A total of $77.3 million is being spent on the project, 80 % of which is coming from the federal government and the rest from the state.

NVCOG Releases Draft Executive Summary of Updated Metropolitan Transportation Plan

The Central Naugatuck Valley Metropolitan Planning Organization (CNVMPO) is finalizing its new Metropolitan Traffic Plan, NVision50. This document will lay out a vision for the region’s transportation system in the future and steps to achieve the goals in the plan. A draft of the executive summary for the new MTP is now available for public comment.

The MTP was last updated in 2019 and staff have been working on the data collection, drafting the narrative, and completing the financial analysis for the new MTP. As additional chapters are completed, they will be released as drafts for public comment.

Please send comments to or call our offices at (203) 757-0535.

The CNVMPO includes Beacon Falls, Bethlehem, Bristol, Cheshire, Middlebury, Naugatuck, Oxford, Plymouth, Prospect, Southbury, Thomaston, Waterbury, Watertown, Wolcott and Woodbury. The region’s last MTP update was completed in 2019.

The Naugatuck Valley Council of Governments (NVCOG) is the host agency for the CNVMPO. The four NVCOG communities of Ansonia, Derby, Seymour and Shelton are in the Greater Bridgeport and Valley Metropolitan Planning Organization (GBVMPO). For information about the GBVMPO’s Metropolitan Transportation Plan, contact that organization at 203-366-5405.

Waterbury Announces Community Development Block Grants

The City of Waterbury has announced the availability of funds through the Community Development Block Grant (CDBG) program. Grant applications will be available from the city’s Office of Community Development starting on Jan. 20 and must be submitted by March 3.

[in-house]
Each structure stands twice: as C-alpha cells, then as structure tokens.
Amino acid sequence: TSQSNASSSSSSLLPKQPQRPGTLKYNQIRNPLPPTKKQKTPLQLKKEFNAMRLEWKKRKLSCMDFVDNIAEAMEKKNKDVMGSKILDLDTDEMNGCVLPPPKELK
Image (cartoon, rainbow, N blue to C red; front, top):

Funding for the CDBG program comes from the U.S. Department of Housing and Urban Development. The program supports initiatives that help low- and moderate-income people, eliminate slums and blight, and address emergency needs that do not have another source of funding. The Community Development Office will offer virtual technical assistance workshops to agencies and individuals who are interested in applying for a CDBG grant or an Emergency Solutions Grant (ESG) on Jan. 31 from 10 – 11 a.m. and Feb. 2 from 2 – 3 p.m. To register, use the following links.

A public hearing on the CDBG program will be held by the Citizen Advisory Committee on Feb. 16 at 5:30 p.m. in Veterans Memorial Hall, Waterbury City Hall, 235 Grand Street. City officials will review the applications during the winter and spring and decide which ones will be funded early in the summer.


CTDOT Holds Public Information Session on Route 8 Project

The Connecticut Department of Transportation held a virtual public information session on the upcoming Route 8 Design/Build project on Jan. 12 so that people could learn more about what is planned before work starts later this year. The project will go from exit 13 in Shelton to exit 22 in Seymour. Plans call for repaving the roadway, installing new lighting and new drainage. Once finished, that section of Route 8 will meet modern highway standards. The project is expected to be done by the end of 2024.

About 40 people attended the information session. A presentation from DOT project managers was followed by questions from attendees. Many of those who asked questions wanted to know if lighting along the road would be better after the project is done. Others asked about planned improvements to entrance ramps to the highway.